Monday, October 4, 2010

I Could Be a Murderer

Diana Hsieh and Ari Armstrong have written a policy paper opposing Colorado's Amendment 62, a ballot initiative seeking to legally define "personhood" as beginning at the moment of conception.  You can find the paper, entitled The 'Personhood' Movement Is Anti-Life: Why It Matters that Rights Begin at Birth, Not Conception, at the web site of the Coalition for Secular Government.

If Amendment 62 were the law of the land, I would be a murderer for aborting a severely deformed fetus.  Despite the fact that I have put myself through the hell of six pregnancies with only one child as a result in the attempt to bring new life into the world, I would also be barred from pursuing that value by Amendment 62, which would effectively criminalize in vitro fertilization.  (Congratulations and thanks to Robert Edwards, who just won the Nobel Prize in medicine for developing IVF.)

I never felt very strongly about the abortion issue until it became real to me because of my own personal experience.   Now I understand why this is one of the biggest political issues of our day.  At a theoretical level, it cuts to the heart of what individual rights are.  If you don't ground rights in man's nature as a rational being, you can only default to the intrinsicism of religion or the abandonment of rights as a principle.  And precisely because of this importance in theory, we have a massive conflict in practice.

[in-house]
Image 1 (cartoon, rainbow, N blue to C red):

I am a living person with rights, seeking my own happiness.  Those in favor of Amendment 62 would condemn me for that very fact, in the name of the potential that I am trying to actualize.  It's bizarre.  Those people can keep their goddamn imaginary world of heaven, hell, and mystical souls of the unborn, but they'd better leave this world to me.

Please read this paper and consider forwarding it, linking to it, or publicizing it in any way that you can.


  1. [...] Mossoff presents I Could Be a Murderer posted at The Little Things, saying, “If you’re reading the Objectivist Round Up, [...]

  2. Amy, it is interesting how often the issues of infertility and abortion go hand in hand. Although I never had an abortion--the severely deformed fetus I had aborted spontaneously at 14 weeks--I sure wanted the option to be available given numerous difficult pregnancies, only two of which resulted in live births--both kids (relatively:)) normal. Further, in reading Diana's paper, I realized that some of the interventions taken to save my second viable pregnancy were risky to the baby, and the interventions at the end taken to save my life meant he was born early. Could those risks be chosen should the personhood amendments be passed? Or would I, too, be a criminal for the early induction of labor?